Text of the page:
She agrees to play, because she’s a bushy-tailed starstruck Survivor newbie on Day Two, and of course Rob trounces her, because he’s played this game a million times and can make fire by clenching his buttocks together at the right angle. Afterwards he even asked her, hey, why in the world would you agree to that? And there’s this beautiful moment where you can tell Elizabeth felt dumb, because of course she feels dumb, because what she did was incredibly dumb.

And this really makes me feel like this gimmick is working as intended. As I said, the starry-eyed we’re-all-here-on-a-grand-adventure honeymoon phase of Survivor comes crashing down the first time your tribe has to vote someone out. Season after season after season I have watched players make a simple mistake during that phase and POOF! — their whole Survivor career is gone. Elizabeth got to make that mistake in a safe environment where all it cost her was her pride. The lesson, Rob and Sandra agree, is if something sounds too good to be true, it is. That Elizabeth needs to trust her gut.

“Trust your gut” sounded like bad advice to me at first, because a lot of Survivor players have done really, really dumb things because they trusted their gut. But on thinking about it a little more, I think I like it. If Elizabeth is the kind of player whose instinct is on point now that she’s sobered up to the reality of the game, trusting her gut could be very helpful. If she’s not, well, no amount of superstar pep talks are going to get her anywhere.

Back at Lairo, Elizabeth doesn’t tell her tribemates about the mentors or even that her vote is kaput. Instead she makes up a hilarious story about how Idol Island had three urns, and she was told to break one, and she broke the wrong one. I liked this a lot because she literally says in a confessional that she realizes now she has to lie in this game. I get the sense she would not have woken up to that fact had she not gone to Idol Island.

At Tribal Council, it’s revealed that Sandra and Boston Rob have a sweet little hidden bungalow from which they can spy on the goings-on. The whole council revolves around Elaine, who is very emotional about thinking she’s going home, and her whole tribe being very emotional about sending her away. At one point Probst asks… uh… Aaron or Dean or somebody, if it’s hard voting for someone you’re friends with. Aaron or Dean or somebody gives a long impassioned response about how tough it is. In the bungalow, Rob whispers, “Was it this hard for you?” Sandra responds, “[expletive deleted] no.”

I usually don’t like the overlong appeal to emotion at Tribal Council, but this early in the game, on this tribe, with these players, I think Elaine made the right move. Everyone likes her, and she painted a sincere (and funny! she’s funny!) picture of exactly why people want to vote her out: because she’s too cool and likable and nobody wants to sit the finals with her. She points out that that’s a Day 20 problem, not a Day 2 problem.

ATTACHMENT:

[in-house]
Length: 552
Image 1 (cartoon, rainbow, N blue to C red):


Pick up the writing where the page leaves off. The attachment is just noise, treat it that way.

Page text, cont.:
She’s wrong about this of course, and I suspect she knows she’s wrong. A lot can happen in 20 days, and you might find you can’t get rid of the person you need to if you miss your chance. But she was right to point it out in this way, because it makes her seem smaller and less of a threat than she actually is.

But okay, we want to see an actual blunder at Tribal Council, and for that we have to look to Ronnie the poker player. When asked why he might want to eliminate Elaine, Ronnie gives the bog standard “we need strength” answer. This simply doesn’t make sense in the context of Elaine, who is a hard-workin’ country gal workhorse type. I don’t know if there’s a weak link on Lairo, but if there is, Elaine ain’t it. And this is so blindingly obvious that I can’t imagine anyone who heard him say it actually believes he believes it. Which only leaves one option: he’s a skunk and a liar. That’s exactly how he came across, especially in the shadow of Elaine’s radiance.

Quick sidenote: the tribal singers that accompanied the voting process were on point.

There’s no discussion whatsoever about what Elizabeth experienced on Idol Island, and her non-vote ended up not being an issue. Ronnie the Skunk was sent home, six votes to Vince’s two. Ronnie cast one of those, I didn’t catch who cast the other. I’m sure it’ll be interesting to find out next week.

Who’s gonna win? Week one predictions are always terrible because you don’t even get to see half the players do anything strategic. That said, I think it’s very possible for Elaine or someone in her alliance to go all the way. I’m actually going to go with Vince for now though. Aside from being a nervous wreck, he does show some actual signs that he knows what he’s doing out there, and he might be able to use Elaine as a kind of friendliness smokescreen. Also, up in the bungalow, both Sandra and Boston Rob say they like Vince, and if they see something in the kid, who am I to argue?

Thank you for reading this thing about a show!

1 comment to Survivor: Island of the Idols, week one

  • Drathnoxis

    I haven’t been interested in Survivor since… like, the first couple, when I was in the same room and my parents were watching it, but your analysis is pretty interesting and I’ll probably read more if you keep doing these

Leave a Reply

You can use these HTML tags

<a href="" title=""> <abbr title=""> <acronym title=""> <b> <blockquote cite=""> <cite> <code> <del datetime=""> <em> <i> <q cite=""> <s> <strike> <strong>